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RECOMBINANT ANTIGENS USED AS DIAGNOSTIC TOOLS FOR LYMPHATIC FILARIASIS
Pastor, André Filipe et al. | Date Issued: 2021
Fundação Oswaldo Cruz. Instituto Aggeu Magalhães. Recife, PE, Brasil. Instituto Federal de Educação, Ciência e Tecnologia do Sertão Pernambucano. Floresta, PE, Brazil. Fundação Oswaldo Cruz. Instituto Aggeu Magalhães. Serviço de Referência Nacional em Filarioses. Recife, PE, Brazil. Secretaria de Saúde do Estado de Pernambuco. Laboratório do Hospital Otávio de Freitas. Recife, PE, Brazil.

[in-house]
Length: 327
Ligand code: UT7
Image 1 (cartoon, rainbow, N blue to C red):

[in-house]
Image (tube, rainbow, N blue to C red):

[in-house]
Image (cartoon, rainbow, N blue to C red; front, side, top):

Lymphatic filariasis (LF) is a parasitic disease caused by the worms Wuchereria bancrofti, Brugia malayi, or Brugia timori. It is a tropical and subtropical illness that affects approximately 67 million people worldwide and that still requires better diagnostic tools to prevent its spread and enhance the effectiveness of control procedures. Traditional parasitological tests and diagnostic methods based on whole protein extracts from different worms are known for problems related to sample time collection, sensitivity, and specificity. More recently, new diagnostic tools based on immunological methods using recombinant antigens have been developed. The current review describes the several recombinant antigens used as tools for lymphatic filariasis diagnosis in antigen and antibody capture assays, highlighting their advantages and limitations as well as the main commercial tests developed based on them. The literature chronology is from 1991 to 2021. First, it describes the historical background related to the identification of relevant antigens and the generation of the recombinant polypeptides used for the LF diagnosis, also detailing features specific to each antigen. The subsequent section then discusses the use of those proteins to develop antigen and antibody capture tests to detect LF. So far, studies focusing on antibody capture assays are based on 13 different antigens with at least six commercially available tests, with five proteins further used for the development of antigen capture tests. Five antigens explored in this paper belong to the SXP/RAL-2 family (BmSXP, Bm14, WbSXP-1, Wb14, WbL), and the others are BmShp-1, Bm33, BmR1, BmVAH, WbVAH, BmALT-1, BmALT-2, and Wb123. It is expected that advances in research with these antigens will allow further development of tests combining both sensitivity and specificity with low costs, assisting the Global Program to Eliminate Lymphatic Filariasis (GPELF).